Salvia azurea (azure sage) is a beautiful tubular flower that under natural conditions produces tall arching stems that terminate into large, often branching, flower spikes that attract butterflies and hummingbirds.
Also known as blue sage, this plant a clump-forming perennial that typically grows 3-5’ tall. Whorls of 2 lipped, azure blue flowers bloom in spikes from mid-summer to fall atop stiff stems clad with linear to lanceolate to obovate greyish-green leaves. If you rub or brush against the leaves, they will emit the aromatic smell typical of Salvia species. As its name suggests, azure sage produces bright blue flowers that bloom for long periods towards the end of summer. This sage is an excellent choice to not only add color to a garden but attract pollinators too!
Salvia azurea is easy to grow from seed and will spread a bit by seed into adjacent open areas. This plant has a tendency to “lodge” or flop over, especially in rich soils, so if you are not growing it in a plant community with grasses and other clumps to lean on, avoid fertilizer and possibly pinch or stake and provide sturdy neighboring plants with more mass to them.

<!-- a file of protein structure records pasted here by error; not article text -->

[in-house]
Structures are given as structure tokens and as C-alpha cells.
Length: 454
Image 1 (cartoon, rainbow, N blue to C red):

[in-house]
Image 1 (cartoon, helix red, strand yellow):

|Botanical Name||Salvia azurea|
|Common Name||azure sage|
|USDA Zone||5 thru 9|
|Light Requirement||Full Sun|
|Season(s) of interest||summer, fall|
|Height and Spread||3-5ft x 2-4ft (90-150cm x 60-120cm)|
|Flower Color||Sky Blue|
|Attracts Wildlife||Attracts Pollinators, Rarely Browsed by Mammalian Herbivores|
|Additional Information||Native to US Midwest. Native range: Michigan to Utah, south to Texas and east to Florida. Host Plant for sage sphinx moth.|
|Location in Lurie Garden||North Dark Plate, Southwest Dark Plate|